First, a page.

SURPRISE, Ariz. -- Spring training is under way as of Wednesday, with the first workout for Texas Rangers pitchers and catchers jump-starting the February-to-October baseball marathon.
Day One, which included the always-popular PFPs and live batting practice, also pushes the Rangers into a new frontier that has finally been reached after years of construction.
Believe it or not, 2013 is the Year of the Starting Rotation. Some club officials are convinced, or have convinced themselves, the Rangers are at the dawn of a pitching-first era.
"The emphasis on pitching is something we've been building toward," general manager Jon Daniels said. "This is something we've talked about forever, right?"
The Rangers have a chance to keep talking about the strength of their rotation for at least the next four years, as four members of the rotation are locked up contractually through 2016.
Among them is Derek Holland, drafted in 2006 and showing in flashes the type of stuff worthy of the five-year contract extension he signed last spring.
But it's always been a mixture of good with the bad with Holland, who has also parlayed his goofball personality into some extra time in front of the cameras.
Whether Holland is a master self-promoter or, more likely, just a kind-hearted soul who won't refuse a request for his time, the Rangers suggested that he try toning down the act and put more attention on baseball.
The left-hander has bought in, and is trying to do his best to just say no more often.
"It's less of the interviews and those kinds of things," Holland said. "It's taking a different approach to it, just carrying myself a little bit better.
"I'm still going to be the same guy I was before, just with more of a serious approach, turning things down, keeping more of my focus on the field."
To say that Holland doesn't take his day job seriously is simply uninformed, though easy to reach based on his 2011 mustache that took on a life of its own and a fondness for Chuck Norris.
If he's not the Rangers' hardest worker in the gym, he's easily in the top five, and he has become more dedicated to watching video between starts the past few years.
But his mound performance in 2012 failed to meet expectations after piling up 16 regular-season wins and four shutouts in 2011, and working 8 1/3 scoreless innings in Game 4 of the World Series.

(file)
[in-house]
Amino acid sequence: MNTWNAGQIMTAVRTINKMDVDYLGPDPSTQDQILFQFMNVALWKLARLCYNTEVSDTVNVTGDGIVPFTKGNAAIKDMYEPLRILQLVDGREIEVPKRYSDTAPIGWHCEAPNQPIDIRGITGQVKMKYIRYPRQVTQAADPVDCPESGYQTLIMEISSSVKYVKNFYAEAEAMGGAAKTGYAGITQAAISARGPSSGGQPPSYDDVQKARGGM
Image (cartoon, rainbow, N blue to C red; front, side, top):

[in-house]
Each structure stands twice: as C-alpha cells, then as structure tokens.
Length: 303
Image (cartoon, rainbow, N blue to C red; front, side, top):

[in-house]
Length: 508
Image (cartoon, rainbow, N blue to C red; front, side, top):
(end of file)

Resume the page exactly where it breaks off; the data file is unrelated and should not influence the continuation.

Holland won 12 games last year and was sidelined in June by shoulder fatigue brought on by a stomach virus that had sapped him of strength and 15-or-so pounds.
On the mound, he was hampered by the gopher ball, allowing 32 homers in only 175 1/3 innings.
To those who think that his Harry Caray weather report or his radio show or his prolific Twitter posts have affected his performance, Holland is trying to prove that perception isn't reality.
"I don't want people saying, 'Oh, that's why he's not pitching well because he's out doing this,'" he said. "That's not what it comes down to. There's a lot of work that people don't see, and they want to judge on what they do see. It's upsetting."
The subtractions from last season's offense suggest that there is less room for mound error. The Rangers will need to win more games 4-3 or 2-1 than 9-5 or 11-8.
If the Rangers are to succeed in 2013 they will need Holland to keep pace with the rest of the rotation. Matt Harrison, Yu Darvish and Alexi Ogando have been All-Stars the past two seasons, and Harrison has passed Holland as the club's top lefty.
Heck, Harrison is the club's top pitcher and will likely be starting on Opening Day. Holland is slotted to be the No. 3 or No. 4 starter, not exactly where most thought he would be after what was thought to be a breakthrough 2011 season.
He's dedicated to cutting down on the bull and proving his critics and doubters wrong.
"I've always tried to give back every single time I've been asked," Holland said. "I've got to learn how to say 'no,' unfortunately.'
"If that's what it takes, I've got to do that. Cut back on the radio interviews and all that. That's fine with me. I know what I need to do and what I'm capable of doing."
Jeff Wilson, 817-390-7760